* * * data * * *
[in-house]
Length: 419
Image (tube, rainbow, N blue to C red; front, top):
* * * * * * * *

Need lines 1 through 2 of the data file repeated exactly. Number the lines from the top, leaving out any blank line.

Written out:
[in-house]
Length: 419